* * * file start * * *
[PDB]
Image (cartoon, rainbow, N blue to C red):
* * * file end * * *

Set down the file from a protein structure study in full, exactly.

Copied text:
[PDB]
Image (cartoon, rainbow, N blue to C red):